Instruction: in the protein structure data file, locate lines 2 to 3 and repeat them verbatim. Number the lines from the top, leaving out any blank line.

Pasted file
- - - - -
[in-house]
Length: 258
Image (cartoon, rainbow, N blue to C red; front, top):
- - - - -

Length: 258
Image (cartoon, rainbow, N blue to C red; front, top):